Long before Neolithic people erected Stonehenge’s majestic bluestones and sarsen stones, Mesolithic, or Middle Stone Age hunter-gatherers frequented the site, using it as a hunting ground. Later, farmers and monument builders moved into the region, a new study finds.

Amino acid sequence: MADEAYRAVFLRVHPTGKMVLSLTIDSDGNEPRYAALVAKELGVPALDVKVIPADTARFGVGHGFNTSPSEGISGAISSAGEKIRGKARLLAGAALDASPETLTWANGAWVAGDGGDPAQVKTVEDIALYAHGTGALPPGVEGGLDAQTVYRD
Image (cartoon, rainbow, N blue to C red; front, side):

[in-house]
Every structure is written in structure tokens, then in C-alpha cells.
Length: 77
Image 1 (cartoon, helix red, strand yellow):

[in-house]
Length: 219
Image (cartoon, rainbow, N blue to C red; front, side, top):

Earlier research had suggested that before Stonehenge was built, the surrounding landscape included a closed-canopy forest. “There has been a long-running debate as to whether the monumental archaeology of Stonehenge was created in an uninhabited forested landscape or whether it was constructed in an already partly open area of pre-existing significance to late Mesolithic hunter-gatherers,” the researchers wrote in the study.


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